Ds Scholarship

Insisting on C+ is punishing candidates from needy backgrounds

Historical grievances and regional differences make it difficult to measure students in the same way, hence the need for justice. [Denish Ochieng, Standard]

Section 237 of the Constitution provides in part for the Teacher Service Commission (TSC) to review standards for education and training of persons entering the teaching service and to advise the national government on matters relating to the teaching profession.

Article 56 (b) and (c) of the same constitution states that the state shall establish affirmative action programs designed to ensure that minorities and marginalized groups, among others, have access to special opportunities in the educational and economic fields.

These articles give the Constitution’s clearest position on providing education and training to marginalized and disadvantaged minorities and Kenyans.

Students from minority groups and marginalized and disadvantaged areas of society lack opportunities and a good environment for excellence in education. Thus, the lower scores they obtained in the Kenya Primary Education Certificate and Kenya Secondary Education Certificate Examinations are not due to lack of intelligence, but as a result of environmental challenges.

TSC’s insistence that it will not lower qualification scores for those seeking primary and secondary school education courses is not only a violation of the constitution, but also a violation of UNESCO, UNICEF and World Bank Group conventions and treaties on teachers’ career advancement, reward and motivation.

It has never been the duty of the TSC to set the cut-off marks for those seeking admission to the teaching colleges. This is the responsibility of the Ministry of Education, Science and Technology, the University Councils, the Central Employment Service for Universities and Colleges of Kenya, the Commission on University Education and the Kenya National Qualifications Authority.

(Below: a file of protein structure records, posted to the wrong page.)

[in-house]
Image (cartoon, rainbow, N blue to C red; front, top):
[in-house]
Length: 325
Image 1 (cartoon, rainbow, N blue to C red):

The mandate of the TSC is only to review the education and training standards of persons entering the educational service, and to report a right for transmission to the national government in the form of advice.

Top universities like Oxford, Harvard, Stanford, Cambridge and even Nairobi, Kenyatta and Moi have bridging programs. These are short, intensive educational programs designed to help students acquire the skills or knowledge necessary for higher education.

Thousands of P1 teachers have obtained diplomas that they have used to gain university admission. It is wrong for TSC to direct that teachers who did not have a C+ average score in KCSE would not teach in secondary schools even if they had a degree.

The committee makes an unreasonable argument that the new policy will improve teaching standards, forgetting that we have distinguished and internationally acclaimed professors who earned C or C- (or equivalent) grades, attended teacher training colleges and after taking transitional courses, was accepted into the university.

Historical grievances and regional differences make it difficult to measure students in the same way, hence the need for justice. Hence, the decision to lower enrollment scores for technical training centers and universities should be based on affirmative action as stated in the constitution.

Mr. Sison is a member of the Parliamentary Committees for Education and Work



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